Communications services providers face huge technical and liability problems in complying with proposals to upgrade the UK's capacity to eavesdrop on the internet, a parliamentary committee heard this morning.
The government is consulting on how to track suspected law-breakers in cyberspace. Its proposals for an Interception Modernisation Programme (IMP) have been scaled back since they first emerged, but law enforcement officers are adamant that they need access to communications data.
The government proposes that communications services providers (CSPs) such as telecoms companies and internet service providers (ISPs) should collect and store information that may be helpful to the police.
The All Party Parliamentary Group on Privacy, which was formed three months ago and is chaired by Edward Garnier MP, is looking into the privacy and cost implications of the IMP.
Tim Hayward, the Home Office official in charge of IMP, and Jim Gamble, the chief police officer who heads the Child Exploitation and Online Protection Centre, said the programme is essential to maintain the state's ability to track and trace criminals and their associates.
Hayward said communications data had been material to 95% of investigations by the Serious Organised Crime Agency.
Gamble said such data had been crucial in identifying paedophile networks with hundreds of members.
Both said courts accepted communications as important evidence in trials, and in building up a picture of criminals' modus operandi.
The proposals call for CSPs to retain communications data such as caller name, location, called party, location and duration of call, as well as sites they visit on the internet.
This is easy to do with fixed wire telephony, but it is more difficult on the internet because it uses a more random way of getting information to and from sender and receiver. It is also easier to hide an internet address.
Upgrades to internet software also mean that the information wanted from a message might not always be found in the same place in the message. This would add to the overhead of keeping in technological compliance with the proposed law, said Cambridge University's Richard Clayton.
The London School of Economics' Peter Sommer said rules on admissible evidence mean that the content of calls is not admissible, although "communications data" is. CSPs would have to strip out the content of the message to ensure that it complied with the rules.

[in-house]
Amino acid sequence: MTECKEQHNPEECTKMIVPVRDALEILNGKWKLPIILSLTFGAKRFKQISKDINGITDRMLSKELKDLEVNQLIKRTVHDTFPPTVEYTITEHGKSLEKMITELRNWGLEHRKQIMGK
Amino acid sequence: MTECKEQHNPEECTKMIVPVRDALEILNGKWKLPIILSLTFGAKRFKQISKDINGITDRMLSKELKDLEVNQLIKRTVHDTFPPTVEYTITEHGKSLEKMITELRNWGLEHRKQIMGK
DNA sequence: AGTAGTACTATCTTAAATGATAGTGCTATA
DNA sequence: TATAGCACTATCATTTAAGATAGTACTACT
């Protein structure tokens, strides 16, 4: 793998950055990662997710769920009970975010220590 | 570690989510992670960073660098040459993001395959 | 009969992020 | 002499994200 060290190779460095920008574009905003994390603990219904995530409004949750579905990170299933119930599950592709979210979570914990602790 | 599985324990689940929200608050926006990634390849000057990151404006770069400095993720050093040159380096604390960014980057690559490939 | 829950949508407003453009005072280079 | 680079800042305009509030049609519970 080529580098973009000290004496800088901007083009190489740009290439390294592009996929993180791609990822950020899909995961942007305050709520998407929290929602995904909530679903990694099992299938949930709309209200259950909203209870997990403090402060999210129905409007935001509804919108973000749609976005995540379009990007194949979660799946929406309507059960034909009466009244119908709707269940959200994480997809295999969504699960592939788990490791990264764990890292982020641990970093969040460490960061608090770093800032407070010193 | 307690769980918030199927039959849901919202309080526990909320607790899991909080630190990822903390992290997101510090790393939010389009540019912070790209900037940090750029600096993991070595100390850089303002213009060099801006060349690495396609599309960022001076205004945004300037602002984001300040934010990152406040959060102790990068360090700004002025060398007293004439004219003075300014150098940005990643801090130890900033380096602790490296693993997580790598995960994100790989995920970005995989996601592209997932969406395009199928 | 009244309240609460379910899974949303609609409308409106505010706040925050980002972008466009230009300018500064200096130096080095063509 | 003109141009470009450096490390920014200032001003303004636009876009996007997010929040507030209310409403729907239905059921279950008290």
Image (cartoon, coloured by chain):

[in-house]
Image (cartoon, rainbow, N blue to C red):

This is a non-business burden on CSPs that will have to be paid for, said Martin Hoskins, head of data protection and disclosure at mobile network operator T-Mobile.
Hoskins said that his company processed 137,000 information requests under Regulation of Investigatory Powers Act (Ripa) last year. The Home Office paid T-Mobile some £3m for its trouble, he said. There are between 10 and 13 firms which are in the same position to collect and pass on customers' call information, he said.
Hoskins said it would simplify matters if there was a single, clear and unambiguous legal regime for CSPs to comply with. He said T-Mobile preferred it to be Ripa because Ripa had a clear and auditable chain of accountability for releasing customer information.
He said the Department of Work and Pensions, which is excluded from Ripa, and Ofcom, the communications regulator, had each asked T-Mobile for personally identifiable information under different laws.
He said it is also important to clarify the liability of CSPs with respect to processing and releasing third-party data, such as e-mails sent via Google or Microsoft's e-mail services.
He said it might be technically impossible to identify such traffic because it would mean breaking into proprietary protocols used to transmit the messages.
Secondly, CSPs are presently protected against litigation while they collect and hold the data, but become liable as soon as it is passed to others, even if they are law enforcement officers acting with authorisation.